The term Trustworthy Computing (TwC) has been applied to
computing systems that are inherently secure, available and reliable.
The Committee on Information Systems Trustworthiness’ publication,
Trust in Cyberspace, defines such a system as one which
does what people expect it to do ? and not something else ? despite
environmental disruption, human user and operator errors, and attacks
by hostile parties. Design and implementation errors must be avoided,
eliminated or somehow tolerated. It is not sufficient to address only
some of these dimensions, nor is it sufficient simply to assemble
components are themselves trustworthy. Trustworthiness is holistic and
More recently, Microsoft has adopted the term Trustworthy Computing
as the title of a company initiative to improve public trust in its own
commercial offerings. In large part, it is intended to address the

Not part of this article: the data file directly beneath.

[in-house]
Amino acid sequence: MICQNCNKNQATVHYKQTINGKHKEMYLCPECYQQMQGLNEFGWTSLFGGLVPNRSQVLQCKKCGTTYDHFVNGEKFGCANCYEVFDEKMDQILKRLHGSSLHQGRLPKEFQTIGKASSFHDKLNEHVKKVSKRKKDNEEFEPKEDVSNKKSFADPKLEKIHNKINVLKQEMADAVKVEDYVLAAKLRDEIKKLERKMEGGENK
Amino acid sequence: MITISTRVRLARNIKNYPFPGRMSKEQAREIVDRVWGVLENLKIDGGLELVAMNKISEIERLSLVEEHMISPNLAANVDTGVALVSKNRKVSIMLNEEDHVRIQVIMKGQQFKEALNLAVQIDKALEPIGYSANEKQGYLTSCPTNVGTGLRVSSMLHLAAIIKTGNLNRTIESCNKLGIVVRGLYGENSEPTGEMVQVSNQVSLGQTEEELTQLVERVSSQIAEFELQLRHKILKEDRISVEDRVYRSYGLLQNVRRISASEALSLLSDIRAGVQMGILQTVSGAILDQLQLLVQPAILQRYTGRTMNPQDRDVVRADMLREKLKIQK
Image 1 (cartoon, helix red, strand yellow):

concerns about the security and reliability of previous Microsoft
Windows releases and, in part, to address general concerns about
privacy and business practices. This initiative has changed the focus
of many of Microsoft's internal development efforts, but has been
greeted with skepticism by some in the computer industry.
Trusted vs. Trustyworthy
The terms Trustworthy Computing and Trusted Computing
have distinct meanings. A given system can be trustworthy but not
trusted and vice versa.
The Department of Defense defines a trusted
system or component as one "one which can break the security policy",
and a trustworthy system or component as one "that will not fail".